Chronic Condition (Disease) Management
Some members have special health care needs and medical conditions. Our Service Coordination Unit will help you get the services and the care that you need. They can help you learn more about your condition. They will work with you and your provider to make a plan of service/service plan that is right for you.
Our Service Coordination Unit has nurses and social workers that can help you:
- Get services and care including information on how to get a referral to special care facilities for highly specialized care
- Work with health care providers, agencies and organizations
- Learn more about your condition
- Make a plan of service/service plan that is right for you
- Access services after hours for crisis situations
- Arrange services for children with special health care needs such as well-child care, health promotion, Disease prevention and specialty care services
- Coordinate services with other agencies such as:
- Kansas Department for Children and Families
- Medicaid Program for Kansas
- Kansas Department of Aging and Disability Services
- Kansas Department of Health and Environment
- Transplant services
We contact every member after they enroll in our health plan. We ask about health care needs and your past health care. We will complete an initial Health Screening Tool (HST). Together, the HST and your health history let us know if you have special health care needs. A Service Coordination staff member may call you to see if you’d like to join the program.
You may also call us if you are interested in the Service Coordination Program. Just call Aetna Better Health of Kansas at 1-855-221-5656, (TTY: 711). Ask to speak to Service Coordination.
We have a Disease management program to help if you have certain conditions.
Asthma affects people in different ways. In some people its worse and they have a lot of trouble breathing. Others don’t have as many problems. If you have asthma, the important thing is to discuss your case with your doctor. We’re here to help.
If you’re low risk, we’ll give you information to help you take care of yourself.
If you’re high risk, a Service Coordinator will call you to talk about your care. Here are some things the Service Coordinator will talk about with you:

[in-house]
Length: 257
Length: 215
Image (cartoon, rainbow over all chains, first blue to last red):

- Taking care of your asthma at home
- Why taking your medicine is important
- What causes asthma attacks
- Why it is important to see your doctor
- Ways to change your habits so you feel better
It’s important to learn as much as you can about your asthma.
Chronic obstructive pulmonary disease (COPD)
Chronic obstructive pulmonary disease (COPD) is a lung disease. We can help you get care if you have COPD. Many people live active lives with COPD. We can help you live well too.
COPD happens slowly over time. At first, people may not know there’s a problem. With COPD, people’s lungs don’t work as well as they used to. Some people have worse COPD than others. That’s why everyone’s treatment is different. We’ll work with you and your doctor to find the best treatment for you.
We have a Chronic Condition Management Program for our members who have COPD. Tell your doctor and us if you have lung disease. We’ll find out if you are at low risk or high risk for problems with COPD.
If you are at high risk, a Service Coordinator will call you to see if you need more help. The Service Coordinator will talk to you about your treatment. Some people need oxygen therapy or more medicines. If you are a smoker, the Service Coordinator will also talk to you about how to stop smoking.
Coronary artery disease (CAD)
Coronary artery disease (CAD) is the most common type of heart disease. It is the leading cause of death in the U.S. in both men and women.
CAD happens when the arteries that supply blood to the heart muscle become hardened and narrowed. This is due to the buildup of cholesterol and other material, called plaque, on their inner walls. As the buildup grows, less blood can flow through the arteries. The heart muscle can't get the blood or oxygen it needs. This can lead to chest pain or a heart attack. Most heart attacks happen when a blood clot suddenly cuts off the hearts' blood supply, causing permanent heart damage.